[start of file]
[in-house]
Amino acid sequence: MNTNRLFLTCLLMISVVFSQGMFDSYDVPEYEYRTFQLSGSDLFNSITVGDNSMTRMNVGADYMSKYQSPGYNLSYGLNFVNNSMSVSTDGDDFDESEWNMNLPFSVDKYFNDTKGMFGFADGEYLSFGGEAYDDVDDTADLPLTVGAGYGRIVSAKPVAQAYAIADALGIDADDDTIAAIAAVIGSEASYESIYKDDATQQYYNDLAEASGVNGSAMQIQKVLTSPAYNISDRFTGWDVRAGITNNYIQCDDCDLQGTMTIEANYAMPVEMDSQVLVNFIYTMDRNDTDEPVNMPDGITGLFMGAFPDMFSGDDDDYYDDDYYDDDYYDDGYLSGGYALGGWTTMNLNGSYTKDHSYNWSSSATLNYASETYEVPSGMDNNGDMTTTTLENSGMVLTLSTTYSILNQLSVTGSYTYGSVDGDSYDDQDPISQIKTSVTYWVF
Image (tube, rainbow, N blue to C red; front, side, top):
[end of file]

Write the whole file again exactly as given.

[in-house]
Amino acid sequence: MNTNRLFLTCLLMISVVFSQGMFDSYDVPEYEYRTFQLSGSDLFNSITVGDNSMTRMNVGADYMSKYQSPGYNLSYGLNFVNNSMSVSTDGDDFDESEWNMNLPFSVDKYFNDTKGMFGFADGEYLSFGGEAYDDVDDTADLPLTVGAGYGRIVSAKPVAQAYAIADALGIDADDDTIAAIAAVIGSEASYESIYKDDATQQYYNDLAEASGVNGSAMQIQKVLTSPAYNISDRFTGWDVRAGITNNYIQCDDCDLQGTMTIEANYAMPVEMDSQVLVNFIYTMDRNDTDEPVNMPDGITGLFMGAFPDMFSGDDDDYYDDDYYDDDYYDDGYLSGGYALGGWTTMNLNGSYTKDHSYNWSSSATLNYASETYEVPSGMDNNGDMTTTTLENSGMVLTLSTTYSILNQLSVTGSYTYGSVDGDSYDDQDPISQIKTSVTYWVF
Image (tube, rainbow, N blue to C red; front, side, top):